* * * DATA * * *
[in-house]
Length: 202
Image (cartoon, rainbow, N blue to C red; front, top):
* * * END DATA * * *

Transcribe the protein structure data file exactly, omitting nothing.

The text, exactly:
[in-house]
Length: 202
Image (cartoon, rainbow, N blue to C red; front, top):